By KENDRA BURDICK
During this pandemic, many have turned to the world of fiction and non-fiction for an escape. Books are just one of the many activities one can use to distract themselves from boredom (Kendra Burdick/Ethic Photo).
Through this long and tortuous year, it is important to have activities that will keep the mind active and busy. Reading books is one of the best pre-boredom activities that a person could do. Through books, the mind can travel almost anywhere and do anything with anyone.
“I feel like I can learn more about universal experiences or topics that are talked about so I have a better understanding of who someone is and start a conversation… it’s like therapy,” Destiny Blackwell, freshman at Redlands East Valley High School stated.
As a result of some unfortunate events, people have turned to books to cope with the amount of absurdity of this year. According to Real Simple, an article written by the same name that consistently follows book trends, “reading books can help readers understand perspective.” Reading can help you make strong predictions on the feelings and actions of others. This year has seen a huge increase in reading books, according to The Guardian.
The five main books that book lovers of the National Book association that most readers are currently reading are listed below.
- “Caste: The Origins of Our Discontents” by Isabel Wilkerson
This book delivers a well-timed reevaluation of American divisions. Wilkerson’s thesis states that the country’s current obsession with race is somewhat misplaced; that there is a deeper and more intractable system that would more accurately be called American caste.
- “The Cold Millions” by Jess Walter
Walter structures his book about two lovable, penniless brothers trying to make ends meet in Spokane, Washington, as a concoction of tales swirling around the violent repression of laborers in the early 20th century.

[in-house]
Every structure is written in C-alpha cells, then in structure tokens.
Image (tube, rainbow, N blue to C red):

- “Hamnet” by Maggie O’Farrell
This richly drawn and intimate portrait of 16th-century English life is set against the arrival of one devastating event: the loss of William Shakespeare’s only son to the plague.
- “Vesper Flights” by Helen Macdonald
In the 41 essays that make up this collection, the naturalist and author of “H Is for Hawk” seeks to tell another type of nature story, one that asks readers to see the natural world as something other than a reflection of themselves.
- “The Art of Dying” by Ambrose Parry
Parry takes a step back from modern medicine and wanders why patients are dying all across the city, with doctors finding their remedies powerless. She draws two characters that try to unravel the mysteries of the medical distortion, Sarah and Will Raven. The one thing holding them back is their past history with each other.
According to Spreeder, a dedicated reading system that tracks a person’s reading, “people that tend to read from one book to 1000 can become aware and diplomatic to many customs that the reader is unfamiliar with.” Many readers have even said that, due to reading, they have become more compassionate to others beliefs and viewpoints.
Giving our minds access to books allows for us to reevaluate the world and so forth. Reading can provide the opportunity to go beyond our mind and thoughts. It lets us escape from the not-so-happy times we are currently experiencing in life–it provides hope.
Books have been helping the world through the hardest times, personal and worldwide. Now, books are helping everyone through this pandemic, providing a gateway from society to the world of mind and imagination.